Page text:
Rosacea is a chronic skin condition affecting the face. In the early stages it causes easy flushing or blushing. Redness may become permanent as the small blood vessels of the face dilate. There may be small, red, pus-filled bumps or pustules. It looks like a bad case of acne, and has been called “adult acne,” but it is not caused by the same things that cause acne.
Rosacea is a chronic illness that alternates between flare-ups and remissions at intervals of a few weeks to a few months. The cause for rosacea is unknown. If not treated, rosacea tends to get worse over time.
Some men with a more severe form of rosacea develop rhinophyma. In this condition, the oil glands on the skin of the nose become blocked and the nose gets bigger. At the same time, the cheeks become puffy. Alcohol may increase the flushing, but this condition is not caused by alcohol use.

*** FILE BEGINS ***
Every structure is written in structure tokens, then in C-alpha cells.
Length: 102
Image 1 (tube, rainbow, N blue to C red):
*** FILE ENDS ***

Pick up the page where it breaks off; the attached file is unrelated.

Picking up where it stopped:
Rosacea can be treated with topical gels and creams. Oral antibiotics are used for more severe cases. You should see improvement in the first 4 weeks. Dilated blood vessels can be treated with a small electric needle or laser surgery. Rhinophyma can be treated with surgery or dermabrasion.
The following guidelines can help you care for yourself at home:
Avoid things that make your face red or flushed, such as hot drinks, spicy foods, caffeine, and alcohol.
Exercise indoors or in a cool area to avoid getting overheated.
Avoid excess sun exposure. Use a sunscreen with at least SPF 15 or higher.
Avoid extreme hot or extreme cold weather.
Don't scrub your face. That will irritate the skin and increase redness.
Avoid harsh soaps or moisturizers with irritating ingredients. You may need to use hypoallergenic cosmetics.
Avoid over-the-counter treatments unless instructed by your doctor. Some of these treatments may make rosacea worse.
Try to figure out what triggers your flares (such as stress, sun exposure, or certain foods).
Follow up with your doctor or as directed by our staff. Contact your doctor if your condition is not responding to the medicines you were given. Getting treatment early can prevent it from getting worse.
When to seek medical care
Get prompt medical attention if you experience redness, burning, or a gritty sensation in the eyes.